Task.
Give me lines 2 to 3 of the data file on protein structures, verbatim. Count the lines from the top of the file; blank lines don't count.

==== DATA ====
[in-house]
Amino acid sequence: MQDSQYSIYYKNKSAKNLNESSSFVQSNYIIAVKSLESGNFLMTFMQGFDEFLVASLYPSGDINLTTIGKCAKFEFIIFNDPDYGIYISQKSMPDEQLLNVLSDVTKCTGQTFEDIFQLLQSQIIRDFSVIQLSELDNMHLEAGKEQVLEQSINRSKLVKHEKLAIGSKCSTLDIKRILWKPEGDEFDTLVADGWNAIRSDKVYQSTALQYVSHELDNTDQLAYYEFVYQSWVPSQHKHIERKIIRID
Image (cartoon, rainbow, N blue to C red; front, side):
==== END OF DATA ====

Amino acid sequence: MQDSQYSIYYKNKSAKNLNESSSFVQSNYIIAVKSLESGNFLMTFMQGFDEFLVASLYPSGDINLTTIGKCAKFEFIIFNDPDYGIYISQKSMPDEQLLNVLSDVTKCTGQTFEDIFQLLQSQIIRDFSVIQLSELDNMHLEAGKEQVLEQSINRSKLVKHEKLAIGSKCSTLDIKRILWKPEGDEFDTLVADGWNAIRSDKVYQSTALQYVSHELDNTDQLAYYEFVYQSWVPSQHKHIERKIIRID
Image (cartoon, rainbow, N blue to C red; front, side):